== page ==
Despite the speculation, however, and despite truly impressive figures for US oil and gas production, energy stocks have still been an outlier in what was otherwise a thriving equity market. Indeed, energy stocks have been among the worst performing stocks over the past decade. Moreover, in the S&P 500 sector weightings, energy has dropped from 15% in 1990 to only 5% in 2019. This performance may seem counter-intuitive in a de-regulated (and de-regulating) industry, encouraged as it may be by a president championing US energy independence; however, there is a clear rationale behind the relatively weak performance in the public market. After all, to say that oil prices are skittish and unpredictable sounds like quite the understatement, bearing in mind the market anomaly that occurred with the WTI in April 2020.
A final point to note in the energy market is the strong performance in the renewables sector over the past year, and actually, over the past two decades. The country’s renewables sector has grown remarkably since 2000, and while fossil fuels still account for the largest proportion of energy consumption, according to the Energy Information Administration, in April 2019 the US generated more electricity from renewable sources than coal for the first time ever, with renewable sources providing 23% of US electricity generation during that month, compared with coal’s 20%. Further, although President Trump has been vocal about his intention to revitalize the US coal industry, a considerable number of coal-fired plants have been closed over the course of his term. Of course, oil and natural gas remain the primary sources of energy, thought there is no doubting which direction the market is heading.
The bulk of the research took place before Covid-19 hit the US, and although energy has been one of the most volatile areas since the virus phenomenon, in 2019 all eyes remained firmly fixed on international trade, and specifically on its implications for US-China relations. Following allegations by the Trump administration regarding China’s currency manipulation, the US Department of the Treasury concluded in its most recent report to Congress that such manipulation had not occurred, but China and nine other trading partners were still added to the Treasury’s monitoring list.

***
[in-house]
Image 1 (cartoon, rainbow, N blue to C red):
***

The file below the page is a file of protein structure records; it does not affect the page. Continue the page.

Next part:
In January 2020 a pact was concluded between the two countries, which are looking clearly like trading competitors rather than trading partners. The pact was signed with the aim to ease the escalated tension and relax some of the retaliatory tariffs adopted by both countries; however, certain key issues were left out of the agreement, including those surrounding the countries’ rivalry in the telecoms sector, China’s subsidy programs, and a number of other tariffs that remained in place. As least for trade, the Covid-19 crisis came with what seemed to be silver linings: in February 2020, China cut tariffs on $75bn in US goods, while the White House considered lifting further tariffs in seeking economic relief. However, this was followed by President Trump’s announcement that new tariffs may be imposed due to China’s response to and involvement in the coronavirus outbreak.